Picture Books About Friendship! Read Alouds for Kindergarten, First, and Second Grade

November 9, 2021

Social-Emotional Learning is so important in kindergarten, first, and second grade and I find that teaching about these topics is easiest through a read aloud. In today’s post, I want to focus on friendship and what it means to be a good friend.

These picture books are some of my favorites for teaching about friendship in K-2 classrooms. In this post, I share 5 picture books to teach about all the different aspects of friendship (benefits of having a friend, what good friends do, inclusivity, acceptance, etc.) Enjoy! Before I dive in, I wanted to let you know you can watch or listen to all this information in video format below:

To read this post, just keep scrolling! Please note: the book links listed below are Amazon affiliate links, meaning I get a *small* percentage of the sale if you choose to purchase it!


Onto my favorite friendship books:

1. Stick and Stone by Beth Ferry

Stick and Stone is a great picture book that emphasizes the importance and value of friendship. 

At the beginning of the story, Stick and Stone are all alone, until they meet up on the playground and start to play together. When Pinecone makes fun of Stone, his new friend, Stick, stands up for him. And later, when Stick gets stuck in a puddle, Stone is able to help move him out of it. Both Stick and Stone are able to see how great their friendship is, and how friends can help you out verbally or physically no matter what happens!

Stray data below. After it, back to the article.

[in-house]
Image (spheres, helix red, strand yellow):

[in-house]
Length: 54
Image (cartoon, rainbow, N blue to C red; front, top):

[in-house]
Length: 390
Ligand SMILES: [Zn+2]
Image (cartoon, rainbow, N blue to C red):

This is a cute little story that shows our students how enriching friendships can be and how our lives are better when we have friends to enjoy it with. To check out the book, just click the image above or head here: Stick and Stone by Beth Ferry


2. Strictly No Elephants by Lisa Mantchev

Strictly No Elephants is about a little boy and the friendship he has with his pet elephant. They help each other out, never leave one another behind, and encourage one another because that’s what friends do. One day, the boy and his elephant go to pet club day. However, when they show up, they see a sign that says “Strictly No Elephants.” The boy and his elephant are sad that they could not go to pet club day, but then they meet another girl who was also not allowed to go to pet club day with her pet skunk. At the end of the book, they all get together and start a new pet club where everyone is invited. 

Not only is this book a cute story about the friendship between the boy and his elephant, but it is also a great lesson on inclusivity and acceptance. It is a great talking point during the book to discuss how it feels to be left out, and what we should do if someone is being excluded. To check out the book, just click the image above or head here: Strictly No Elephants by Lisa Mantchev

Also… If you happen to be a member of my SJT Writing Club, I uploaded story-based writing units for both Stick and Stone and Strictly No Elephants.


3. My Friend is Sad by Mo Willems